In this model, institutions are also paying to subscribe to the journal. This business model is often viewed as ‘double-dipping’.
Open Access Initiatives
The Open Access idea has been around since the early 1960s. But it was in the 1990s, when the World Wide Web became widely available and online publishing became the norm, that Open Access became more prominent.
Advocates, in associations and societies, created movements to promote Open Access with the conviction that research publications should be accessible to all and everyone who needs to know about them.
On December 1-2, 2001, the Open Society Institute (OSI) called for a meeting of leading proponents of Open Access in Budapest. The goal was to see how far current initiatives could assist one another and how OSI could use its resources to help the cause. That meeting kicked off the Budapest Open Access Initiative, the first popular initiative to make the Open Access idea concrete.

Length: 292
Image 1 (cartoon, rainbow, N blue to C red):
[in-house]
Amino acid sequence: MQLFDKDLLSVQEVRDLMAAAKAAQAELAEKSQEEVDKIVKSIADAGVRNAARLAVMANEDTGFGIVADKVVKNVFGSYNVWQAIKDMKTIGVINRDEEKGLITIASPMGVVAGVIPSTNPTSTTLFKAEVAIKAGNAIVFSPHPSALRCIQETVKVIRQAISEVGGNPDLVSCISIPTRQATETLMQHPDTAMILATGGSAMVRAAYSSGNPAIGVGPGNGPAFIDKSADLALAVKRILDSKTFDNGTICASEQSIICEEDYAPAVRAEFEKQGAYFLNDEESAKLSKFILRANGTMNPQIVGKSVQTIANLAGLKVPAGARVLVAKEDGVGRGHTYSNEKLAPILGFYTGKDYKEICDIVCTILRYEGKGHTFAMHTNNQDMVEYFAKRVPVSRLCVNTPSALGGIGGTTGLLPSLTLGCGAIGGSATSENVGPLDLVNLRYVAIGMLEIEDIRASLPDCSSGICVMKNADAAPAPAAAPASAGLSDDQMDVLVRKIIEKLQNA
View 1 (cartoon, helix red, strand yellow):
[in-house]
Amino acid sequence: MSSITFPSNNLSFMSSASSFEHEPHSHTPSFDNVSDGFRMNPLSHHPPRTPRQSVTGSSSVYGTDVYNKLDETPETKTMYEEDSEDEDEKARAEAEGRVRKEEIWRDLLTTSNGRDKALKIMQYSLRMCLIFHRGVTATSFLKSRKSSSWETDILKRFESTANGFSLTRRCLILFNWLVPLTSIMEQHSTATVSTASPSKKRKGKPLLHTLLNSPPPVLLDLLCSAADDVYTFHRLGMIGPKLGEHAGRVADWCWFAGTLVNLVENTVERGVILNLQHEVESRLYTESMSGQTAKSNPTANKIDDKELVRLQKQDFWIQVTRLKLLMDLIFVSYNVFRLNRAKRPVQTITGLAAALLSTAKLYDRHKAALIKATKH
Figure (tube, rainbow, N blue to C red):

In February 2003, the Budapest Open Access Initiative launched a worldwide campaign for open access (OA) to all new peer-reviewed research. It didn’t invent the idea of OA. On the contrary, it deliberately drew together existing projects to explore how they might “work together to achieve broader, deeper, and faster success.” But the BOAI was the first initiative to use the term “open access” for this purpose, the first to articulate a public definition, the first to propose complementary strategies for realizing OA, the first to generalize the call for OA to all disciplines and countries, and the first to be accompanied by significant funding.
In October 2003, Berlin Declaration on Open Access to Knowledge in the Sciences and Humanities, one of the milestones of the open access movement, was promulgated.